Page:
Hello folks. For some reason the default Thai font in Scrivener is set to Thonburi. While it is a beautiful font, I need this changed to a preferred font (one that has the same height as the preferred latin font, which I set to Liberation Sans). Where can I set the Thai default font in Scrivener?
Normally the Mac OS just uses plain old Arial, so it was a bit odd to see Thonburi as the default.
Your help is appreciated.
Well, you can set the default font in the Formatting preferences pane, is that what you mean? I don’t know of a way to tell OS X to use one font over another when switching between keyboard input methods. I know it does switch fonts as needed, but I’m unaware of an interface for adjusting that. Whatever the case, it’s way below Scrivener’s domain where this happens. One thing you can do with Scrivener, if you’ve got a project that is all Thai but others aren’t, and so you don’t want to change the application default: each project can have its own default formatting settings. Use the
Project/Text Preferences... menu command to activate this option and set it up. This setting will cause that one project to deviate from the application defaults.
Thank you for your speedy reply!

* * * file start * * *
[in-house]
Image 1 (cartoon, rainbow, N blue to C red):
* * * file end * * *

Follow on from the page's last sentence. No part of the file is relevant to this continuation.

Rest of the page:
Unfortunately these projects are not simply Thai, but mixed English and Thai (and other projects will have mixtures of other Southeast Asian scripts as well). Note that this kind of control is in OpenOffice, so it may indeed be within the purview of Scrivener to support this. See the following YouTube for control over this feature in OpenOffice: youtube.com/watch?v=DZ0D23b6gy4
Ah, yeah that’s another challenge when they are mixed.
Well the problem for us is that we’re just using the Mac’s vast multi-lingual capabilities here. It’s the built-in stuff that makes it possible for menus to be printed in Thai, the “Okay” button and so on. It’s the root underlying text engine, and like I say that is way beneath anything Scrivener is doing. By that I mean: Scrivener is just asking the operating system for a text editing control. Keith has strapped a whole lot on top of that (otherwise it would just be TextEdit!), but it’s much more difficult to change stuff under that—to the text control itself at a fundamental level. Doing that is the stuff that gets you rejected from the Mac App Store, anyway.
OpenOffice, like Microsoft Office, aren’t using the Mac’s text engine at all. They have their own spelling systems; their own multi-lingual switching code; their own sub-pixel font rendering; their own keyboard interfacing; etc etc. It’s like a completely different planet in there.
So where you really need to be looking is how the Mac itself selects a default font for a language. Like I say I really don’t know where that is. I’d think it would be in the Input Sources tab of the “Language & Text” system preference pane, but I don’t see any font controls there. There might be some cool trick on the Internet though for doing this.
This is what I have found out there, a plist for OSX detailing default fonts. Tools like TinkerTool only seem to set the English font and not the other fonts. See: gist.github.com/3180490
Thanks for posting the tip! That looks to be just the thing you need to do. It’s a pity that Apple hasn’t exposed this configuration file in any interface, but the nice thing about these machines is that a lot about it can be controlled somewhere by a text file.